Daily Telegraph: For a fleeting period on Tuesday afternoon, Tehran's official news agencies claimed that Iranian jet fighters had forced an American plane to land and officials were interrogating its military crew.
The Daily Telegraph
For a fleeting period on Tuesday afternoon, Tehran's official news agencies claimed that Iranian jet fighters had forced an American plane to land and officials were interrogating its military crew.
By David Blair, Diplomatic Editor
At a time of rising tension between the two powers, this potentially incendiary incident summoned memories of the hostage crisis of three decades ago, when Iranian Revolutionary Guards held 52 US diplomats captive for 444 days.
Yet it all turned out to be a mirage. The aircraft and all of its occupants were, it transpired, Hungarians. They had all been released and allowed to proceed. Their Falcon jet, usually employed to transport VIPs, had been en route from Turkey to Afghanistan when it apparently strayed into Iranian airspace.
The aircraft flew at "low altitude in a bid to remain unnoticed by Iranian radars," according to the Fars news agency in Tehran. But the air force responded and the Falcon was compelled to land inside Iran.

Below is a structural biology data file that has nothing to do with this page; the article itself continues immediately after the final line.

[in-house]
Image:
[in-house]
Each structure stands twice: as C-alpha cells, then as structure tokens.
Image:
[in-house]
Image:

All eight people on board were then "interrogated" for a day. Once Iran's authorities had established that they had entered the country's airspace accidentally, they were released on Monday and allowed to continue their journey.
Hundreds of American military aircraft operate in Iran's immediate neighbourhood, notably in the skies above Iraq, Afghanistan and the Gulf. Last year, 15 British sailors and Marines were held captive for two weeks after Iran accused them of straying into its territorial waters.
But the Pentagon confirmed that none of its aircraft was missing.
The mysterious incident amounted to nothing more than the puzzling detention of lost Hungarians.